New home sales extended their 33 months decline, which has now totaled 62.1%. Moreover, despite this month's increase, there is little indication that home sales are approaching a bottom. Inventories of unsold homes remain very high despite slipping for the thirteenth consecutive month. Prices [in the new-home data] posted an unusual gain but this was due to a shift in the composition of sales toward more expensive areas rather than stability in prices. Home prices are still falling on trend. ~Steven A. Wood, Insight Economics

Inventory of existing homes is still very close to its record high so prices will continues to fall rapidly. Since its May 06 peak the Case-Shiller index is now down 15.7%; we expect the peak-to-trough drop to reach 25-to-30%. ~Ian Shepherdson, High Frequency Economics

Despite the sharp drop in home prices, housing demand has remained depressed, leaving a huge overhang of homes on the market for sale. In addition, rising foreclosures puts downward pressure on home prices since foreclosed homes typically sell at a discount to the market clearing price. As such, we expect home prices to fall another 10% through the end of 2009 as the market slowly, and painfully, clears the hefty overhang of homes on the market for sale. ~Michelle Meyer, Lehman Brothers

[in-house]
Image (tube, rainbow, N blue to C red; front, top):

Chatter about a possible turn in the housing market remains hopelessly premature. The latest Case-Schiller house prices indices, which it should be remembered cover repeat sales of single-family homes so exclude condos and that the data is also smoothed over three months, underlined that the housing market continues to go from bad to worse... Don't be fooled by the optical illusion of a month-to-month pop in new home sales in April, which will almost certainly be revised away. Seasonal adjustments also appear to be flattering the April data. Bottom line - demand for new housing is still falling & at a rapid pace. ~Richard Iley, BNP Paribas